Date: Mon, 23 Feb 1998 08:59:43 -0500 From: David Kerr <dkerr at semc.org> Subject: African or European swallow? Kevin TenBrink wrote: > Secondly, I think the last English Unit of measure that home brewers and > beer drinkers the world over will be the most reluctant to relinquish is > the pint. British Imperial (20 oz.) or U.S. (16 oz.) pint? Dave Kerr, Needham, MA Return to table of contents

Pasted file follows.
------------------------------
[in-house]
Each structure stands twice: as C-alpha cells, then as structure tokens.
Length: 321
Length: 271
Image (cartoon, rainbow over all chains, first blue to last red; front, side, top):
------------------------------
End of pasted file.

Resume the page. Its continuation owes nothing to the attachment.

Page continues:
Date: Mon, 23 Feb 1998 10:02:38 -0500 From: jucks at cfaft4.harvard.edu (Ken Jucks, ph # 617-496-7580) Subject: Winners of the 1998 Boston Homebrew Competition and MCAB qualifiers Results from the 1998 Boston Homebrew Competition 21 Febrewary 1998, Somerville MA Organized by the Boston Wort Processors An MCAB Qualifying Event * denotes the MCAB Qualifier (note that the MCAB qualifier is not necessarily the beer that is ranked the highest of that sub-style for the category. For categories that had more than one flight in the preliminary round, the MCAB sub-style was placed in a separate flight if possible, and the MCAB qualifier was determined there. The second round determined the final placement for the category. Other categories required multiple flights of MCAB entries and the MCAB qualifiers were determined in the second round.) American Light Lager 1) Michael Branigan, Coventry RI, American Light 2) Thomas Plunkard, Warren MI (Ann Arbor Brewers), Pre-Prohibition * 3) Ann Whyte, Essex Jct. VT (Green Mountain), Pre-Prohibition European Light Lager 1) Ken Weber, Winchester MA (Boston Wort Processors), Helles * 2) Dean Goulding, Mansfield MA (Boston Wort Processors), Bohemian Pils 3) George Fix, Arlington TX, Helles Light Ale 1) Alan Baublis, Belchertown MA (Barley Hoppers), Kolsch 2) Thomas Miklinevich, Monroe CT (Underground), Kolsch 3) John Seckler, Portsmouth NH (Seacoast), Kolsch other) Adam Contos, Boston MA, American Wheat * Bitters 1) David Parr, Winchester MA (Boston Wort Processors), Ordinary * 2) Dan Marshall, Burlington VT (Green Mountain), strong 3) Roger Sleigh, Worcester MA, ordinary Scottish Ale 1) John McCafferty, Winchester MA (Merrimack Valley), Export 80 * 2) John Zelazny, Webster NY (Upstate NY), Export 80 3) Thomas J O'Connor III MD and Satan, Rockport ME (MALT), Export 80 Pale Ale 1) Chris Lavoie, Glenmont NY, American * 2) Scott Snider, Arlington MA, British 3) John Murphy, Medford MA, American IPA 1) Brad Johnson, Lennox MA (Berkshire) * 2) Chris Lavoie, Glenmont NY 3) Clifford Timpson, Milton VT (Green Mountain) Altbier 1) Ann Whyte, Essex Jct VT (Green Mountain), Dusseldorf * 2) Geoff McNalley, Tivertown RI, Dusseldorf 3) Tom Miklinevich, Monroe CT (Underground) Dusseldorf Amber Lager 1) Michael Nagel, Holden MA, O'fest * 2) Thomas J. O'Connor III MD and Satan, Rockport ME (MALT), O'fest 3) Tom Plunkard, Warren MI, O'Fest Brown Ale 1) Chris Lavoie, Glenmont NY, American * 2) Bill Nevits, Hudson MA (Wizards), Mild 3) Alan Baublis, Belchertown MA (Barley Hoppers), Mild Strong Ale 1) Dan Marshall and Cliff Timpson, Milton VT (Green Mountain), Old Ale 2) Christopher Tkach, Newmarket MA, Old Ale 3) Steven Lefebure, Colchester VT (Green Mountain), Barleywine other) Stu Talman, Rochester MA, (Boston Wort Processors), Barleywine * European Dark Lager 1) John McCafferty, Chelmsford MA (Merrimack Valley), Scharzbier 2) Tom Miklinevich, Monroe CT (Underground), Dunkel * 3) Markus Brache, Dedham MA (Boston Wort Processors), Schwarzbier Bock 1) Brian Myers, Norman OK (High Plains Draughters), Eisbock 2) Jeff Flood, Boston MA (Boston Wort Processors), Traditional 3) Randy Reed, Stoughton MA (South Shore and Boston Wort Processors), Traditional other) Steve Lefebure and Joe Connolly, Colchester VT (Green Mountain), Dubelbock * Porter 1) Ben Janowski, Oyster Bay NY (Bonwit), Robust * 2) Cliff Timpson, Milton VT (Green Mountain), Brown 3) John Zelazny, Webster NY (Upstate NY), Robust Stout 1) John Murphy, Medford MA, Dry 2) Thomas Miklinevich and John Watson, Monroe CT (Underground), Oatmeal 3) Rod Bender, Elizabeth PA (Brew Masters), Dry * Wheat 1) Steve Stroud, Medford MA (Boston Wort Processors), Bavarian * 2) Cliff Timpson, Milton VT (Green Mountain), Bavarian 3) Tom Miklinevich, Monroe CT (Underground), Weisbock Strong Belgian and French Ale 1) Dave McCart, Somerville MA (Boston Wort Processors), Tripel * 2) Thomas J. O'Connor III MD and Satan, Rockport ME (MALT), Tripel 3) Thomas Miklinevich, Monroe CT (Underground), Dubbel Other Belgian Ale 1) Francois Espourtoille, Lakeville MA (South Shore), Lambic * 2) Gary Harstead, Mahwah NJ, Lambic 3) Brian Myers, Norman OK (High Plains Draughters), Wit Fruit Beers 1) Charlie Grahm, Everett MA (Boston Wort Processors), Choc. Rasp. 2) Chekar Nimkar, Lynn MA (Boston Wort Processors), Cherry Strong Ale 3) Stu Tallman, Rochester MA (Boston Wort Processors), Rasp. Imp. Stout Spice/Herb/Vegetable 1) Jim Wagner and another Wagner, Pasadena MD, Spice Ale 2) Ben Jankowsky, Oyster Bay NY, Clove, ginger, other spices 3) Mike Hahn, Salt Lake UT (ZZ Hops), Coffee Stout Cider 1) Fred Sterner, E. Freetown MA (Boston Wort Processors), New England style 2) Brett Schneider, Framingham MA (Boston Wort Processors), Cranberry cider 3) Adam Contos, Boston MA, Sparkling Best of Show 1) Francois Espourteille, Lakeville MA (South Shore), Lambic 2) Steve Stroud, Medford MA (Boston Wort Processors), Bavarian Weizen 3) John Murphy, Medford MA, Dry Stout Return to table of contents